Transitive inference in jackdaws (Corvus monedula).

Behavioural processes

PubMedID: 23147227

Mikolasch S, Kotrschal K, Schloegl C. Transitive inference in jackdaws (Corvus monedula). Behav Processes. 2013;92113-7.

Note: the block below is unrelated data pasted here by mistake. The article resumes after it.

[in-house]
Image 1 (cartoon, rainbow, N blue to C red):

Transitive inference (TI) refers to the cognitive ability to derive relationships between items that have never been presented together before. TI could be a useful tool for individuals living in large social groups, as these are confronted with an increasing number of possible dyadic relationships between group members. Through TI, one could potentially identify rank relationships between group members and thereby avoid costly direct agonistic interactions. Jackdaws seem ideal candidates to test for the ability of TI as they live in relatively complex groups, in which such skills could be useful. We presently report the results of jackdaws in a touch screen experiment. Three individuals were trained to memorise an ordered sequence of five differently coloured squares (A-E), which were presented in four pairs consisting of two adjacent colours each (A/B, B/C, C/D, D/E). After reaching the pre-defined criteria in each single colour pair in a time comparable to other species, they were confronted with an unknown pair of two non-adjacent colours (B/D). The birds were able to identify the relationship according to the previously learned sequence by preferring B over D.